Join World Vision Goodwill Ambassador Melissa Doyle on a life-changing trip to meet fearless and inspiring women in Zambia in April 2024.
Attend in-person and virtual events featuring Australian and international guest speakers and exchange ideas with other network members.
Hear from subject matter experts and read about the changes you’re helping to make possible for women and girls around the world.
Women and girls living in poverty face a range of obstacles that stop them from pursuing their goals and creating a better future for themselves and their families.
The global water crisis hits girls and women the hardest. They spend an estimated 200 million hours every day collecting water – hours they can’t spend getting an education, learning a skill or earning an income.
Around the world 129 million girls are out of school. Poverty, early marriage and gender-based violence force girls to drop out early, as do inadequate or non-existent hygiene and sanitation facilities.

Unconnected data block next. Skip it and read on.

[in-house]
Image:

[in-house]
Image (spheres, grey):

Traditional cultural practices such as female genital mutilation and forced early marriage are still prevalent. Every minute, 22 girls under the age of 18 are married, and the number is rising due to the economic impacts of COVID-19.
Nearly 1 billion women don’t have access to financial services. And more than 70 percent of women-owned small and medium-sized businesses can’t access the funds they need to get ahead.
Empowering women and girls is an essential component of all World Vision’s work. That's because we know that when they gain equal access and opportunity, children are better cared for, families are stronger, and communities are more prosperous.
We bring clean water close to home which frees up precious hours for girls and women. And menstrual hygiene management programs help girls stay in school.
We equip and empower women economically by increasing their knowledge, business and farming skills, financial literacy, leadership opportunities, access to financial services, and incomes.
We work to free girls from female genital mutilation and to empower and equip families with realistic alternatives to the bride-price economy. Our programs engage children, youth, parents, community leaders, and faith leaders to challenge the status quo together.
Gender equality can only be achieved when men and boys are invested and involved too. We include men of all ages in our gender-related programming, so they can see the value in breaking down barriers that limit women’s roles in society.